Four hours, 10,000 audience members at Shanghai’s Mercedes-Benz Arena, over 11 million viewings on Youku — this was the third edition of Friend of Time, an annual speech by Luo Zhenyu, founder of online learning app iGet (得到). Luo has pledged to give this speech each New Year’s Eve for 20 years, and this year’s event was #1 in broadcast popularity of all New Year’s Eve television shows this year, most of which featured singing and dancing stars.
Some audience members in attendance had already bought a 20-year pass to Luo’s planned speech series for 40,000 RMB (about $6,170 USD). This year, Zhejiang TV invited four public intellectuals to share insights from their different professional areas on the last day of 2017, and started a new trend for New Year’s Eve programs.
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For last year’s speech, Luo Zhenyu talked about five “Black Swans”: low-probability events that are worthy of our increased attention, dubbed Time Battlefield, Service Upgrade, Revolution of Artificial Intelligence, Cognitive Tax, and Community Crisis.
One year later, Luo and the chief editor of iGet, Li Xiang, interviewed hundreds of people in preparation to blow the audience’s minds again. The questions that businessmen, startups and ordinary middle-class Chinese are most concerned about today were summarized in six points:
Luo called his answers to these questions — based on extensive interviews with domain experts — “brain holes” (脑洞), which indicates ideas and thoughts with a lot of imagination behind them. Here are Luo’s six “brain holes”:
Instead of the traditional train depending on the locomotive, where the only engine is, every car of a bullet train is an engine itself. “All business in China can be done all over again,” since China has the largest-scale market and firsthand practical experience in many different industries.
Species live in the rainforest because of scale and diversity. You can either maintain a small ecology, or connect with different species. When you’re doing business, you can either serve all people and keep increasing user numbers, or just focus on your “super users.”
After Jack Ma came up with the concept of “New Retail”, retailers racked their brains to improve the efficiency of their production chains, which have developed so fast that some housewives are even wondering if they still need a fridge at home since shopping has become so convenient. In 2018, if you are a manufacturer, you don’t have to worry about how to digitalize your products — just make the best things you can, and the “bit” world will come to shake your hand.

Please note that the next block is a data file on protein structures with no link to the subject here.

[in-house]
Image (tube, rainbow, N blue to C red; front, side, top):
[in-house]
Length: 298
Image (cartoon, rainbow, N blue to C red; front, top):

As opposed to business competition in the past, which was like a boxing game, nowadays in the globalized world such competition is more like a tug of war. It doesn’t matter which country it’s in — all that matters is where the higher value is. Then it’s a matter of pulling it over via a developed transportation network. There is no competitive ceiling to worry about as before.
Is China no longer the “factory of the world”? Actually, it’s hard to find any other supply chains that are as highly efficient and flexible as those in China. Scale is an ability, and China is going to be the last stop of the transfer of the global manufacturing industry.
This is also the name of a book written by China Foreign Affairs University professor Shi Zhan, which was officially released during Luo’s speech. China is connecting the oceans and the continents, the developed countries and developing countries. This strategy is based on China’s geographical location and giant scale. Zero-sum games are not the trend.
“Chinese (style) opportunities” are right behind the above, according to Luo. To seize them, you need to design your own life algorithm — a basic routine that you’ve found to work — then repeat and reinforce it.
Luo Zhenyu cannot give an ultimate, definitive answer on these huge topics — no one can but time. Nevertheless, what he and his app iGet are doing has given his Chinese audience new perspectives with which to view the world, and to think about different possibilities for the future.
Cover image: Sina
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